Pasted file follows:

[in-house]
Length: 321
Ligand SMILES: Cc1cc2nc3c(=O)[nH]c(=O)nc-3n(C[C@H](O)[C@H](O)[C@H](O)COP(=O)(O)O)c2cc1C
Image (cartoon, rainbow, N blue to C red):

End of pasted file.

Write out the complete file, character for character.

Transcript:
[in-house]
Length: 321
Ligand SMILES: Cc1cc2nc3c(=O)[nH]c(=O)nc-3n(C[C@H](O)[C@H](O)[C@H](O)COP(=O)(O)O)c2cc1C
Image (cartoon, rainbow, N blue to C red):